I've been following the latest RWA issue with interest (and now I am officially a member, so I feel more entitled to talk about it). I have to admit, I'm inclined to side with the RWA on this one (and not just because I'm now a member, I swear:-). When I told DH last night about Medallion Press' letter, he said, "Aren't they automated?" Which made me stop and think. Is it really that hard to pull all this info together? Shouldn't a publisher have its sales info more or less at its fingertips? I mean, they DO have to pay royalties, right? I'm not sure it's unreasonable to expect pubs to requalify every so often-- this prevents them from qualifying on one fluke and then selling ten books per year for the rest of eternity, thus presumably protecting authors.
I was, however, struck by something Sienna said on Sylvia's blog. She wrote, "I am all for choosing multiple avenues in which to become published, BUT, the RWA was founded for writers pursuing publication with the intent on making a living at it–which firstly means selling to a major publisher. Even though in todays market, an author writing for Elloras Cave can make more than an author published by an NY publisher, selling to NY is considered to be a better stone to step on in terms of making a living. "
Okay. Let's walk through this. Sienna is saying that the market has changed, and that an EC author can make more than a NY author. And yet "major publishers" are still a better market. Um... I'm not sure I necessarily agree with that. If authors are making decent amounts of money for a publisher (and not just on a fluke, but regularly), then RWA oughtn't to have a problem recognizing the publisher. EC isn't on the "unrecognized" list, so I assume they have at least some authors selling the minimum amount of copies.
Which leads to my next thought-- who cares how many books an author sells? Is that a reliable way to estimate an author's income nowadays? (Based on Anonymous' very valid comment, I've removed references to RWA here... let's just talk about money, and if it's worth it to write for an epub.)
Let me try to clarify my thoughts. (I was up late last night, so bear with me if I'm incoherent.) The problem with comparing e-pubs and large presses is that you're comparing apples and oranges. Authors writing for epubs frequently sell smaller books, often novellas of around 30,000 words, and they generally get paid between 35 and 40% of the cover price. For New York presses, conversely, authors typically write about 100,000 words (yes, anthologies are getting more prevalent, but novellas are rarely released as standalone books from New York) and get paid about 8%. Add to this the fact that novellas are faster and easier to write, so many e-pubbed authors are able to turn out many of them a year.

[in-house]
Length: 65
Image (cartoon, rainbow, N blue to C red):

Let's say that I sell 1000 units at 35%, and the NY pubbed author sells 5000 units at 8%. Both books are (for the sake of simplicity and my highly limited math ability) priced at $5.00. I get $1.75 per book, and the NY pubbed author gets .40 per book. I make $1750, and the NY author makes $2000. My earning per word is 5.83 cents per word, and the NY author's earning per word is 2 cents per word. I've made almost as much as the NY author, and my book is much shorter, so I'll be able to turn out more titles in the course of a year.
I will admit this is wildly oversimplified. NY books generally cost closer to $7.00 now, and the cost of ebook novellas can vary from $3.50 to over $5.00, depending on the publisher. I'll confess outright that I haven't yet sold 1000 units of any ebook, but I'm not a particularly good seller. There are e-authors out there selling this many units on a regular basis, so it's not an absurd number by any means. I don't know what normal sales are in New York anymore-- 5000 is doubtless low. I may well be comparing apples to oranges here myself, using an unreasonably high number of ebook units and an unreasonably low number of NY units. I don't know enough about other authors' sales figures to make a better guess, unfortunately.
But the point is, does it really matter how many units of any given book a publisher sells, or is the actual income more relevant? Going back to Sienna's comment, making a living is making a living. It doesn't really matter who I'm writing for if I can make a living doing it. I think Sienna's point is that one is more likely to make a living writing for New York. Perhaps that's true... now. I'm not sure it'll be the case a few years from now. But no one really knows for sure.
Trying to write for a living is like walking on a tightrope... you never know when you might slip and find yourself in freefall.